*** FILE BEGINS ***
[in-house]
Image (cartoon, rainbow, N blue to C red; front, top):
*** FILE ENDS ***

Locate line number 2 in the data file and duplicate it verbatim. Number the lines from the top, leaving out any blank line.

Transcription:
Image (cartoon, rainbow, N blue to C red; front, top):